Jump to content

PaulP

Members
  • Content Count

    22
  • Joined

  • Last visited

Community Reputation

41 A Little More Kick Ass

Story Reviews

  • No Story Reviews

Comments

  • Rank: #0
  • Total: 6

1 Follower

About PaulP

  • Rank
    Newbie

Profile Information

  • Age in Years
    60
  • Gender
    Male
  • Sexuality
    Not Telling

Recent Profile Visitors

The recent visitors block is disabled and is not being shown to other users.

  1. Stories whose first grammar error is in the title.
  2. PaulP

    Chapter 1

    That's because it's dealing with plausible, complex characters in plausible situations that drive character development rather than just providing excuses for between-the-sheets action and gratuitous drama.
  3. PaulP

    Chapter 5

    I love Parker's relationship with his folks.
  4. PaulP

    Chapter 11

    This is the comment I made on Dabeagle's forum when the story completed there: You handled the underlying concept perfectly, I think, by concentrating on the how the protagonist handled the two big challenges: how to change the perceptions of people who knew the old Drake, and more importantly, how to re-live his own early life better and more rewardingly than he had the first time around. You didn't get bogged down in the mechanics of alternate reality or in going into how the protagonist's old family might have fit into it, or if they even existed. Frankly the former would have bored me and the latter would have been an unnecessary distraction from the real story. I'm glad you didn't ignore the novelty of such apparent maturity in such a young person but instead had characters directly address it by marveling at it as just that, a remarkable novelty. A whole sub-plot of suspicions of cosmic weirdness would have been another unnecessary distraction. Characterizations were spot-on and interesting and I didn't feel as if any character was anything like a cardboard stereotype. Henry Burgess, the house director, could have become one, but even he eventually, grudgingly, accorded Drake a degree of respect. The closest to being a gay teenage fiction stereotype was Jeremy, but fleshing him out would have been another distraction. The rest of the supporting cast - especially Giles - were a delight. The character I found most affecting in terms of raw empathy was James Murphy. His portrayal as a basically decent person whose lack of self-worth, bordering on self-loathing, subverts his every attempt to build relationships is heart-breaking. That in the end Drake isn't willing to give up on him I think is a real testament to “new” Drake's character.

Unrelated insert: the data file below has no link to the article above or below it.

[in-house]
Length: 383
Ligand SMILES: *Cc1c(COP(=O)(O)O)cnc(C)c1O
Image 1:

5. PaulP

    Chapter 5

    Posted in error.
  6. PaulP

    Stormy Weather

    Jeff reads like a hard-boiled private eye in a Raymond Chandler mystery.
  7. PaulP

    Chapter 3

    You've hit the nail squarely on the head! Both those scenes were extremely well done.
  8. I read everything of his - I think after "The Lo(n)g Way" it was as the chapters of each one appeared here - and as I read ItFB while it was in progress I felt it was the best thing he'd ever written, and I still think so, a major advance in his craft. I think it's getting around time for a re-read; that'll make it the fourth time, I think. So many unforgettable moments it's hard to come up with a favorite, but is right up there.